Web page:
Best Business Credit Card Canada (2020): Best Cards for Every Small Business Need

Best Business Credit Card Canada

In Canada, there is a huge range of business credit cards from a variety of providers. This means that there is probably a business credit card that is just right for your business. Here’s our guide to help you find it.

What are the Best Business Credit Cards in Canada?

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The best business cards in Canada are accepted at a wide range of locations, offer high-quality customer service and have been tailored to suit the needs (and wants) of businesses. Here is a list of the very best options according to your top priority.

Best Business Credit Card Overall

Scotiabank Value Visa card

Why we like it

It was a very close call between the Scotiabank Value Visa card, the Scotiabank No-Fee Value Visa card and the Tangerine Mastercard. They’re all good options for companies that want a straightforward way to pay for purchases and build their credit recorThe reason the Scotiabank Value Visa card came out top is that the modest annual fee ($29) seems a very reasonable price to pay for the low interest-rate.If you’re certain you can pay off your bill in full every month, then the Tangerine Mastercard might be a better option as it offers 2% cashback. The benefit of this can, however, soon be eaten away if you end up carrying a balance and paying 19.95% interest on it.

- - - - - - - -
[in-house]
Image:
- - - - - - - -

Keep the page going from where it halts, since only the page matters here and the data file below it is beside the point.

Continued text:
Best Business Credit Card for Travel

Scotiabank Gold American Express card

Annual fee

$120 (plus $29 per year for supplementary cards)

Interest rate

19.99% (purchases) 22.99% (cash advances)

Interest-free period on purchases

Unknown

Currency-conversion fees

None

Rewards

Scotia reward points redeemable against a variety of options. Access to benefits offered by Scotiabank and/or American Express, including discounted access to airport lounges. Special deals on insurance.

Why we like it

If you travel a lot, especially internationally, then you could easily recoup the annual fee on this card by savings on foreign-currency fees. If you can pay off your card in full each month, then the interest rate can be ignored. Even if you can’t, the range of benefits could justify paying it.

Best Business Credit Card for Hotel Rewards

American Express Gold Rewards card

Annual fee

$150 (one additional card for free and $50 for further cards)

Interest rate

30%

Interest-free period on purchases

28-31 days

Currency-conversion fees

 2.5%

Rewards

Points based rewards system plus special deals on travel-related insurance

Why we like it

Technically, the American Express Gold Rewards Card is a charge card rather than a credit card. This means that you are supposed to pay the balance in full every month. This means that the interest-free grace period depends on when in the month you make a transaction. The interest rate is only chargeable if you carry a balance, which you are not supposed to do.